"Words mean more than what is set down on paper. It takes the human voice to infuse them with deeper meaning." -Maya Angelou

Karaoke boxes are hugely popular in Japan.
Especially when they have all-you-can-eat ice cream.
{...Okay, that's what draws me inside.}
If you ever find yourself in Japan,
grab some pals and pyon! over to a karaoke box.
Trust me, you'll find one easily.
They're as common as Starbucks in NYC.
Or as churches in Utah.
Or as ice cream wrappers in my garbage bin.

What's going on in this recording?
A double date, that's what.
Ranma took Kairi, Riku called Cho,
and they all went karaoke-ing together.

Who are these characters, anyways?
Riku and Kairi hail from Kingdom Hearts,
a beautiful Square Enix video game.
We stole Ranma from Ranma 1/2,
a 1980s comic that will leave you in stitches.
And Cho comes from my brain. She's all mine, baby.

Why is Ranma singing a girly song?
A running gag in the Ranma 1/2 comic is,
despite Ranma's ability to turn into a woman
{he fell in a cursed Chinese hot spring, go figure}
he is completely heterosexual, 100% male.
And he wouldn't ever touch a Disney song. Or sing it so passionately.
But the lyrics fit him perfectly,
since he's both male and female,
constantly struggling to only be male,
and to be the manliest male in the history of manliness.
Chuck Norris, here comes Ran-chan.

Boys and girls speak differently...
...in Japanese as well. Jumping jellyfish, do they really?
To illustrate a character more fully,
you must fuse their speech style with their word choice.
And you must evaluate the scene.
Since these four are all close friends and lovers
they speak casually to one another.
The only character who retains any politeness
is Kairi
though she slips into colloquial speech near the end,
from shock and humiliation at Ranma's performance.
*hee hee*

Are you at home?
In a cafe?
On your Blackberry?
Listen to the people around you.
You can probably guess a lot about them
their mood, their relationship to the person they're speaking to, their deception/sincerity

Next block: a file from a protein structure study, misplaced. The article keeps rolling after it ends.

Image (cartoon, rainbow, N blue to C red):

just by listening to what they say, and how they say it.

{Image via WeHeartIt}
{"Come Back to Me" © Utada Hikaru}
{"Reflection" © Matthew Wilder & David Zippel}
{"Jajauma ni Sasenaide" © Ranma 1/2}
{Riku & Kairi © Tetsuya Nomura}
{Ranma © Rumiko Takahashi}
{Cho © Ashley S. Harmon}

"Don't you wonder what clouds taste like?"

Japan has a thousand ways
to celebrate life.

One of them comes every autumn:
Sports Festival.

We breathed pure energy that day
not air.
From relays to tug-of-wars to war reenactments
our spirits were high
and we only wanted more.

A hearty bento lunch
for a hearty runner.
{'Cause I ran so hard in the teacher's relay... Of course I'm serious...}

After lunch
all the school teams
{basketball, kendo, volleyball, and so forth}
paraded around the field
before the action began
once again.

The war reenactment
was my favorite event.
Possibly because it was just so...


Put some ice on it, soldier
and remount your horse!

Before the final relay
the 9th grade boys
stacked themselves into pyramids
for our enjoyment.

America needs a Sports Festival, I'm convinced.
You know what?
I'll do them with my children.
{Taking notes, future husband?}
They're so much more fun
than regular ol' P.E. classes.

{Music via GReeeeN}

Twenty-four months ago,
the phone was pushed against my ear,
and my mama listened to me
garble, choke, sputter, garble, choke, sputter
all the words I didn't say to him.

Time passed, and I stretched my arms.
I learned to open my heart to people and life,
and when it was too much,
I'd bury my face in my little dog's fur
up in the mountains
and the sun would rise again
so I could wake up.

With the end of two beautiful years,
America is calling my best friend home.
I always thought I'd be there
to see him.

But life rarely uses your calendar.
And I am
so very curious to see
where this road takes us,
if his path
finds mine again.

I get to discover you
all over again,
best friend.

{Images via We Heart It}

And everything in between
right now.

{Image via LLSS}
{Music via Plumb}

My father taught me
one of the fun-nest ways to get into the mindset
of the natives of a foreign language
is to learn their idioms.

Here's a little game for you:
Can you guess the meaning of these Japanese idioms
or their American equivalents, if they have any?

neko-jita 猫舌
"cat tongue"
"cat tongue" means you have a sensitive tongue
i.e. you can't eat spicy foods
Makes sense, right? Kitties can't eat spicies.
Yes, that's a word.

ken en no naka 犬猿の仲
"between a dog and a monkey"
This means fighting like cats and dogs.
America doesn't really have a monkey population,
but apparently they don't get along too well with puppies. Shame.

naki-mushi 泣き虫
"cry bug"
The answer is crybaby.
Poor wittle buggy.

hon no mushi 本の虫
"book bug"
Yeah, that one wasn't too hard.

tsuki no usagi 月のうさぎ
"moon rabbits"
Instead of the man in the moon,
rabbits live up there,
making mochi from its dusts,
rather than cheese.

Do you have any favorite idioms
in English or another language?

{cat tongue via Rosie}
{dog-monkey via Techinsight}
{crybaby via EpiCute}
{moon rabbits via Ronin}